Low-fat dietary pattern and breast cancer mortality by metabolic syndrome components: a secondary analysis of the Women’s Health Initiative (WHI) randomised trial

Kathy Pan, Aaron K. Aragaki, Marian L. Neuhouser, Michael S. Simon, Juhua Luo, Bette Caan, Linda Snetselaar, Joanne E. Mortimer, Jo Ann E. Manson, Candyce Kroenke, Dorothy Lane, Kerryn Reding, Thomas E. Rohan, Rowan T. Chlebowski

Research output: Contribution to journalArticlepeer-review

Abstract

Background: In the Women’s Health Initiative (WHI) dietary modification (DM) randomised trial, the low-fat dietary intervention reduced deaths from breast cancer (P = 0.02). Extending these findings, secondary analysis examined dietary intervention influence on breast cancer mortality by metabolic syndrome (MS) components. Methods: In total, 48,835 postmenopausal women with no prior breast cancer were randomised to a low-fat dietary intervention or comparison groups. Four MS components were determined at entry in 45,833 participants: (1) high waist circumference, (2) high blood pressure, (3) high cholesterol and (4) diabetes history. Forest plots of hazard ratios (HRs) were generated with P-values for interaction between randomisation groups and MS component score. Primary outcome was death from breast cancer by metabolic syndrome score. Results: HRs and 95% confidence intervals (CI) for dietary intervention influence on death from breast cancer were with no MS components (n = 10,639), HR 1.09, 95% CI 0.63–1.87; with 1–2 MS components (n = 30,948), HR 0.80, 95% CI 0.62–1.02; with 3–4 MS components (n = 4,246), HR 0.31, 95% CI 0.14–0.69 (interaction P = 0.01). Conclusions: While postmenopausal women with 3–4 MS components were at higher risk of death from breast cancer, those randomised to a low-fat dietary intervention more likely had reduction in this risk. Registry: ClinicalTrials.gov (NCT00000611).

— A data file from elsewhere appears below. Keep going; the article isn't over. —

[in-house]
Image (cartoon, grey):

Original languageEnglish (US)
Pages (from-to)372-379
Number of pages8
JournalBritish Journal of Cancer
Volume125
Issue number3
DOIs
StatePublished - Aug 3 2021

ASJC Scopus subject areas

  • Oncology
  • Cancer Research

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